A final classic episode to see us through the Christmas and New Year break. Today we’re returning to an interview with NHS geneticist Melody Redman.
Each of us carries around in our cells about 20,000 different genes – a unique set of biological code which shapes how our bodies develop. As scientists better understand genes and how they work, genetics is becoming a more and more important field of modern medicine, particularly in diagnosing conditions. But this comes with a brand new set of ethical challenges to think through.
We go on to talk about a new NHS programme in England which is piloting whole genome sequencing of newborn babies. Why are scientists and doctors interested in collecting a child’s entire set of genes and storing them for the rest of their life? What medical benefits might result from this, and what ethical challenges does it throw up? Just because we can now do this, should we?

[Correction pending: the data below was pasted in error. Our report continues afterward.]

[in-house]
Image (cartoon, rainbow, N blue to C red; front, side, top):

We also consider some of the risks of our increasingly geneticised world and how as Christians we can hold onto our identity in Christ rather than lapsing into genetic determinism.
- Find out more about the Newborn Genomes Programme here - https://www.genomicsengland.co.uk/initiatives/newborns
- The group Unique helps support people and families affected by rare chromosomal and genetic disorders - https://rarechromo.org/